Some 2.6 billion people in the world, mainly in Africa and Asia, lack access to basic sanitation, increasing the risk of diarrhoea and other diseases fatal to children, said a UN report released on Thursday.
Unicef, the UN children's fund, in a study on water and sanitation in developing nations, concluded that UN goals could be met on clean water, especially in urban areas, but the same was not true for access to the crudest of toilets.
The report, Progress for Children, surveyed available clean water and sanitation facilities from 1990 to 2004 and calculated which countries could meet goals set at a UN Millennium summit in 2000.
These include cutting in half by 2015 the proportion of people without safe drinking water and basic sanitation. The largest gains were in Asia, especially in India and China.
But the report said the majority of people in both countries still have no adequate sanitation, especially in rural areas. In 1990, only about three per cent of the rural population in India had access to improved sanitation.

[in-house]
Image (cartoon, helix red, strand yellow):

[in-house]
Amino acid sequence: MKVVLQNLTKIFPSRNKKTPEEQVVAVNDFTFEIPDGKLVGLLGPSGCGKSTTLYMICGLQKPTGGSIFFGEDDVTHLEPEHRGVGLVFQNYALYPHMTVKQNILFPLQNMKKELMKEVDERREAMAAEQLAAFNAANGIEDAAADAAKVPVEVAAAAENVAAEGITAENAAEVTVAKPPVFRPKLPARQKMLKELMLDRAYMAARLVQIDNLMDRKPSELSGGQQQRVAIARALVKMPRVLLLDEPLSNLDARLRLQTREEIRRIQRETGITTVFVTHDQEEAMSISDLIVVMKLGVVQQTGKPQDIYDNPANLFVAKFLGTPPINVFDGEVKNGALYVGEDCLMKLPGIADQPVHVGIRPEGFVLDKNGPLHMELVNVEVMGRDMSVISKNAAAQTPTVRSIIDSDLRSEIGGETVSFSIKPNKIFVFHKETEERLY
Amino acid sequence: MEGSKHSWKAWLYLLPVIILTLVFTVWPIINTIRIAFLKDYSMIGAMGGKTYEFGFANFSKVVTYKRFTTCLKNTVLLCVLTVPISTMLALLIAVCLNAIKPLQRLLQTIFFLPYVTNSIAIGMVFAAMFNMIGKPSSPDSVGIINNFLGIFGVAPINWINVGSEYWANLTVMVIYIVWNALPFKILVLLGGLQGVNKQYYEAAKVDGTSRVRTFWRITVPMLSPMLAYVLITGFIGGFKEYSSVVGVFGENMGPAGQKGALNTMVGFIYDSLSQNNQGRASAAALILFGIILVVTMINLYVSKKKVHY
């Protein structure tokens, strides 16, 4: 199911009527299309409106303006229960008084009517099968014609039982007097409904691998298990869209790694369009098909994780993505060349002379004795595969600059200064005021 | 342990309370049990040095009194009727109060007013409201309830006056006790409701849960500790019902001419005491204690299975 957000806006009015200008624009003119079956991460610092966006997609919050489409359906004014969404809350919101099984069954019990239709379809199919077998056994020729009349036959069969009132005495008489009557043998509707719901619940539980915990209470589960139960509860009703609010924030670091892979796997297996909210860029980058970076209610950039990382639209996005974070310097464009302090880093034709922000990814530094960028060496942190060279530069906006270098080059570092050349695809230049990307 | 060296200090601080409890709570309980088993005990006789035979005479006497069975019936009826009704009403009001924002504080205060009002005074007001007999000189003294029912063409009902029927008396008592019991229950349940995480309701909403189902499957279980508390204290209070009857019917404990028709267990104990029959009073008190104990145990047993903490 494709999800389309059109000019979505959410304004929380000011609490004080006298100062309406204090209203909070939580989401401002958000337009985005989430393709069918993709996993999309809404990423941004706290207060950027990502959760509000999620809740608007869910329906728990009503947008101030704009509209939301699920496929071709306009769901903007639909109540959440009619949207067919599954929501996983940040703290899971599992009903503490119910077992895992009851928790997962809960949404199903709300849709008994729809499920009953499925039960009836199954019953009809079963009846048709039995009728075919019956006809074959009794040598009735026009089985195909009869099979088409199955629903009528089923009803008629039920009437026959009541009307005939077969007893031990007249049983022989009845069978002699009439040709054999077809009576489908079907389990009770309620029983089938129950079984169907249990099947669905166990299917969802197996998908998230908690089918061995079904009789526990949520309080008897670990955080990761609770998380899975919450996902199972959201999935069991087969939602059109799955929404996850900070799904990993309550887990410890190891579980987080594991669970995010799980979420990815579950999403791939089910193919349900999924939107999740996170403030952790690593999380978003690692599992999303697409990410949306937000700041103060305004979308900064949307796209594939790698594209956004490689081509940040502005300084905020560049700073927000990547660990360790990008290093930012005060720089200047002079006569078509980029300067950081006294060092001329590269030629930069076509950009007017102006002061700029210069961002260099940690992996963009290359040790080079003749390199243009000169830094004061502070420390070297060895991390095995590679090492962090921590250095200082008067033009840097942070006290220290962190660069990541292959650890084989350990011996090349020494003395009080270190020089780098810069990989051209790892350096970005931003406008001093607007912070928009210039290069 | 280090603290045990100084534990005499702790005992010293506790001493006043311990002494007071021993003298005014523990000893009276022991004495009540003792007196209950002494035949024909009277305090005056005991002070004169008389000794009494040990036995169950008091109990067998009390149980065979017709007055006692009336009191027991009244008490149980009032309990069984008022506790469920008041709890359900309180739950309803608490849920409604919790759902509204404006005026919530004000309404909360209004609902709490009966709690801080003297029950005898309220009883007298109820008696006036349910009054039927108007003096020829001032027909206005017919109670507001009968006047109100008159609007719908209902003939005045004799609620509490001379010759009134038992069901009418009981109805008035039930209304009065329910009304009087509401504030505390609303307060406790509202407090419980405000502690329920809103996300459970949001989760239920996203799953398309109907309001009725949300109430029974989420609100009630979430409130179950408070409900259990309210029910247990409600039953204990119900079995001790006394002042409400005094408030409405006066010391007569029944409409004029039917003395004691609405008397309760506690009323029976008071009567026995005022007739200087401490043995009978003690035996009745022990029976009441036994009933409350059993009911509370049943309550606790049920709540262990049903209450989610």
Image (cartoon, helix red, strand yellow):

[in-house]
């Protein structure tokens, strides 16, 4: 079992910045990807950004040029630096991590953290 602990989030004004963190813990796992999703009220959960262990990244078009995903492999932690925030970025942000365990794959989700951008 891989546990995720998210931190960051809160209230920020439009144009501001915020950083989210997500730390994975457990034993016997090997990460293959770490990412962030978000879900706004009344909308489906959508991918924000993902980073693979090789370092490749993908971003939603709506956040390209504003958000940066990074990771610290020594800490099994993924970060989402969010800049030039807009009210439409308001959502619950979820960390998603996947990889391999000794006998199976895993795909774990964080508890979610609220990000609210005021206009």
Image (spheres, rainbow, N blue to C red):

“Considerable progress has been made and approximately a third of India’s population today has access to sanitation facilities,” the report said. "Despite commendable progress, an estimated 425 million children under the age of 18 still do not have access to an improved water supply and over 980 million do not have access to adequate sanitation, said Anne Veneman, Unicef's executive director and a former US secretary of agriculture.
Overall, about 1.2 billion people, or an increase from 78 per cent in 1990 to 83 per cent in 2004, had access to drinking water, a figure that would meet the Millennium goals.
The lack of access to water is especially acute in sub-Saharan Africa, which represents about 11 per cent of the world's population but almost a third of all people without access to safe drinking water.